A 90-year-old woman who raised money by climbing the stairs and a nurse who moved into a care home are among the dozens of unsung coronavirus “heroes” recognised in the Queen’s 2020 Birthday Honours list.
This year’s list was postponed from June in order to include people, such as medical workers, fundraisers and volunteers, who have been instrumental in the Covid-19 effort.
It celebrates the selfless good deeds of big names as well as ordinary people during the pandemic.
These included delivery drivers dropping off food and medicine to vulnerable people and health workers putting themselves at risk to help their communities and beyond.
Of those who have been honoured, 72 per cent have worked tirelessly for their local community, reflecting the huge voluntary effort across the country in response to coronavirus.
Among them is nurse Lynne Grieves, who moved into a Northumberland care home for 12 weeks to look after residents during the coronavirus lockdown.
She has been honoured with a British Empire Medal for services to nursing during Covid-19.
Margaret Payne, 90, also receives a British Empire Medal for services to the community in Lochinver, Sutherland, after scaling the height of the 731-metre Suilven mountain on her staircase and raising more than £434,000 for the NHS, the Highland Hospice and the RNLI.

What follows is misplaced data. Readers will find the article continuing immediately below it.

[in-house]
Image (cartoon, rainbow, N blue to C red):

Key workers from black, Asian and minority ethnic (BAME) communities are recognised for their selfless efforts in the fight against Covid-19, including Felicia Kwaku, 52, associate director of nursing at Kings College NHS Foundation Trust, who is honoured for her services to nursing.
The nurse of 30 years, from Islington, north London, supported BAME nurses by delivering webinars during the pandemic and raised issues surrounding personal protective equipment (PPE), particularly for Filipino nurses.
Miss Kwaku, who is made an OBE, said it is “timely and appropriate” that BAME people are being recognised for their efforts during Black History Month, adding: “You can’t ignore the fact people have laid down their lives during this pandemic. It is only right, proper and fitting to honour them and honour those who continue to serve.”
Footballer Marcus Rashford has been made an MBE after his heroic efforts in ensuring children in need received meals across the summer during the pandemic.
He said: “As a young black man from Wythenshawe, never did I think I would be accepting an MBE, never mind an MBE at the age of 22.
“This is a very special moment for myself and my family, but particularly my mum who is the real deserving recipient of the honour.